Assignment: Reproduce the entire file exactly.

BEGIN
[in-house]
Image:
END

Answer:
[in-house]
Image: